That is certainly part of the context, but I don't think it's the whole reason as to why I didn't recuse myself. Youth issues are something I've been deeply involved with through all my career. I care deeply about the idea of youth service and seeing young people be able to help in their communities with organizations across the country.
This proposal mattered to me, and instead of encouraging it along, as some people say, because it was somehow connected to my family, I actually slowed it down and pushed back on it to try to make sure that everything was done exactly right, because I knew there would be questions asked because of the links to the family.
In no way was this benefiting my mother or my brother, to be creating a grant program for students to volunteer in their communities right across the country.
Good afternoon, members of the finance committee. I would first like to thank all of you for your important work and for giving me the opportunity to answer your questions here today on the implementation of the Canada student service grant.
Let me start by saying that this is a remarkable time. From the day we learned that a Canadian had contacted COVID-19 to what is happening during the time period you're interested in, this pandemic, which we are still fighting, represents a once-in-a-generation challenge for our country.
I started working for the after my maternity leave, and what a journey it has been. I ran his leadership campaign in 2012-13 and went on to lead the 2015 campaign, and I have been his chief of staff ever since. Unbelievably, my son just turned nine.
Some of you may know that I am a person interested in data. Data has always helped me to assess what we are doing well and what we need to do better. These past few months, every day I woke up to some very alarming statistics, as we all were. They were more than statistics: hundreds of people dead because of COVID-19; hundreds of people were applying for the CERB because they had lost their job; millions of families were going through a really tough time; millions of women in lower-wage jobs were being especially hurt, and women's participation in our economy being set back.
Every day, daily projections were telling us and still tell us that if we weren't and aren't successful in slowing the spread of the virus, things would get much worse.
The Prime Minister's job is to help Canadians in need. I am his chief of staff, so my job is to support him in everything he does. I've been in politics for quite a while now, and this pandemic is a challenge unlike any in history.
Having the opportunity to make a difference in people's lives is very rewarding. Since the beginning of the crisis, we've announced a host of support measures to protect Canadians' health, to help those who lost their jobs and to prepare for the economic recovery.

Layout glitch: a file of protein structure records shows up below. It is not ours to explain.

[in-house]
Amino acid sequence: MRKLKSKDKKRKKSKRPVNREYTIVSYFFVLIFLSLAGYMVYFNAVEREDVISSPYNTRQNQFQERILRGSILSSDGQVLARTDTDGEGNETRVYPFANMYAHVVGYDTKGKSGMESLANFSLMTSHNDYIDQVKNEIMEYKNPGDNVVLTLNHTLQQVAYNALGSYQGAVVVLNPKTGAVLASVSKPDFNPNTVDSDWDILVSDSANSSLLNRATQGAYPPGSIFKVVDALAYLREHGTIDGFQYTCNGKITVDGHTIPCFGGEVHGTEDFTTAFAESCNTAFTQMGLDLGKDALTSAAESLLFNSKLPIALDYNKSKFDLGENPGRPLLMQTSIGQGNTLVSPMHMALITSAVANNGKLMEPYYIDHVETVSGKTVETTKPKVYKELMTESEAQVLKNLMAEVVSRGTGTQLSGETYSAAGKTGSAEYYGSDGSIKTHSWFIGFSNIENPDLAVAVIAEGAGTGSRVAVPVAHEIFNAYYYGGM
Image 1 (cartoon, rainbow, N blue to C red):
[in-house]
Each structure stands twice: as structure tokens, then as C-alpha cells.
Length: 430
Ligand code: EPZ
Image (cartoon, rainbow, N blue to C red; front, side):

We acted as fast as we could, knowing we might make mistakes along the way because people were really struggling, so we needed to move quickly. Take the emergency response benefit or the Canada emergency wage subsidy, for example. We'd already announced these programs when we realized that we needed to make them more accessible, more generous and simpler, but job one was to get these programs out the door to help people.
When we realized that improvements were needed, we made changes. The CERB and the wage subsidy have since helped millions of Canadians right across the country. Moreover, back in April, our government announced a $9-billion plan to help young people get through the pandemic. It included measures such as the Canada emergency student benefit, deferring student loans and, yes, the Canada student summer grant.
I want to go back to the first time we discussed a potential aid package for students. On April 5 there was a meeting by phone, as they all were at that time, between the Prime Minister and the . It was a stock-take on the entirety of our government's ongoing economic response to the pandemic.
There were 15 decision points on the Canada emergency wage subsidy that Sunday evening, and it was being announced the next day. That was the focus of the call. We also talked about an orphan well program for Alberta, Saskatchewan and Newfoundland to help workers in the energy sector who had been hit especially hard by the crisis.
At the end of that conversation, the spoke about gaps he had identified in existing programs like the CERB. We knew that some people were still falling through the cracks, people like seniors, seasonal workers and, yes, students.
At the time, the Ministry of Finance was thinking about some form of financial assistance, more Canada summer jobs and a moratorium on student loan payments. We also talked about using the Canada service corps to encourage and support young people who wanted to volunteer and help their community during this pandemic. That was a very brief part of a larger conversation, and everyone agreed that there was more work to do.
Just a few weeks later, after a lot of hard work by many people across the government, the Prime Minister announced a $9-billion aid package for students that included the items I just listed. The Canada summer student grant program was one-tenth of that package.
When I think back to that time, it was at the end of April that the public service informed us, in a briefing note, that an outside organization could be used to administer the Canada student service grant program. Questions had been raised about the government's capacity to implement such a program and about whether we could provide financial compensation directly to students.
However, it was only on May 8 that I saw for the first time, along with the Prime Minister, the 's proposal to have WE Charity administer the program. The recommendation prepared by the public service had been examined and approved by the special cabinet committee on May 5, and we had a quick glance at it for the first time before the cabinet meeting on May 8, at which, the recommendation was supposed to be ratified.